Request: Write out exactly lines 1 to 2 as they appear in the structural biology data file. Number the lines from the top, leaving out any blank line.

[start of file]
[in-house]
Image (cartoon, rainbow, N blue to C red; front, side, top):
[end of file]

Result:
[in-house]
Image (cartoon, rainbow, N blue to C red; front, side, top):